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Summary-Welcome back to New Orleans.
Where the streets swirl with jazz and beauty.
Where the houses breathe with ghosts.
A year ago, Rebecca Brown escaped death in a New Orleans cemetery. Now she has returned to this haunting city. She is looking forward to seeing Anton Grey, the boy who may or may not have her heart.
But she also meets a ghost: a troubled boy who insists only she can help him. Soon Rebecca finds herself embroiled in another murder mystery from more than a century ago. But as she tries to right wrongs, she finds more questions than answers: Is she putting her friends, and herself, in danger? Can she trust this new ghost? And has she stumbled into something much bigger and more serious than she understands.
Once again Paula Morris has ghost seeing Rebecca in New Orleans now in the French Quarter for a week with her best friend, Ling, from New York City for Spring Break. The problem is she's seeing a ghost or ghosts again and one in particular needs her help. I loved Ruined Morris' first novel set in New Orleans and was hoping for more of the same, but this one just didn't quite live up to my expectations. At least part of it didn't.
The story starts in New York City, that's where Rebecca first sees the ghost and realizes that it's happening again. He briefly tells her his story and why she can see him and then he's gone. With quite a bit of trepidation, she heads to New Orleans with her dad and Ling. She's excited to see Anton again as they've been texting and talking through the school year. But then all the old drama with the Temple Mead girls comes up and Anton is being really weird. He was so supportive after the events in the last book and apparently throughout the year, but now that he has a chance to see Rebecca after so long, he doesn't seem to want to see her. He should be at the airport to greet her, but he doesn't see her until the next day at a lake clean up. And then there's that, Morris has the girls spending all their time cleaning up a lake, or fixing up the grounds at a school the whole time they are in New Orleans. This is Ling's first trip to New Orleans and instead of site seeing she's cleaning up. I would think there would be enough to see and do without being so altruistic. Save it for the next trip. No I'm not against altruism, I just thought it was boring to read about.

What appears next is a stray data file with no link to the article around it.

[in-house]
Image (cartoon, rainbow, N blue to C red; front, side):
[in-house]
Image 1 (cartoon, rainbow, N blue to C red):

Finally, it starts to get interesting when Toby Sutton starts to rear his head and make a few attempts to grab Rebecca. He still blames her for everything and he's apparently escaped from the super strict military school he's supposed to be in. Furthermore, he knows what she needs in order to help the ghost get his final peace and he's trying to make sure she doesn't get it. And then there's Anton, he is hardly supportive. He's been talking to Toby despite his threats against Rebecca and then he finally says he's rid of him only after Toby injures someone. What kind of boyfriend is that? What kind of friend is that? Or even person?
It was only the climax of the book and the ending that saved the book for me. It was what I was looking for and it was what made the novel worth reading. Rebecca is absolutely herself in this novel and Ling is more than a loyal sidekick, she's up for anything and a kickass friend to have. Anton, hmm, I really didn't like him, but I did like his friend Phil and hope that if there are more novels to come, both Ling and Phil show up in them.
I felt like Morris was trying to piggyback on the success, if it was successful I wasn't blogging then, of Ruined a few years too late. And if she really wanted to make it a book set in New Orleans, give us the tour, don't stick us at a school cleaning up all day. The girls didn't complain, but I am. I'd give it three and a half stars just because the last third was so good.
I received a copy of this novel from the publisher through NetGalley for a fair and honest review. I was not compensated for my review.